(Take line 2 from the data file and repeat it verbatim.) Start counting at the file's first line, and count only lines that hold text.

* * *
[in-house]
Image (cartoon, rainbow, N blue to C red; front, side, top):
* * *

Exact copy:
Image (cartoon, rainbow, N blue to C red; front, side, top):